While these species are impressive above ground, it's what's underground that counts in years of drought. A well-developed root system is the foundation of drought-hardiness. Prairie dock, compass plant and many of their hardy comrades develop tap roots that plumb the depths of the prairie earth in search of moisture. In his classic book "Where the Sky Began," author John Madson wrote, "The taproot of an old compass-plant may be as thick as a man's wrist just below the surface of the earth -- and although it may be less than an inch in diameter only three feet down, this main root may drive almost fourteen feet into the earth."
Madson also cites prairie rose among the champions of prairie taproots. One individual rose shrub sent a taproot some 21 feet underground.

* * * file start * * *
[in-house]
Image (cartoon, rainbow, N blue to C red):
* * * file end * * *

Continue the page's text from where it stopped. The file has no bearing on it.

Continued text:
While the tap root may be the advance guard, there's much more to the quest for moisture. Prairie plants send an army of lateral roots to infiltrate the soil. Millions of small rootlets extend their reach into crevices, cracks and tiny pores from which water can be extracted.
Several horizons, or layers, of soil can thus be exploited when water is scarce. The lateral roots of myriad plants interconnect underground. This reticulated network makes up the bulk of the biomass, or living material, of the prairie.
Plant ecologists have estimated that up to 80 percent of the total biomass of the prairie is in its root system.
This immense root system not only maximizes absorption of water, it's key to the survival of the conflagrations that sweep across prairie aboveground. Faced with the double whammy of fire and drought, the prairie survives by virtue of its underground reserves.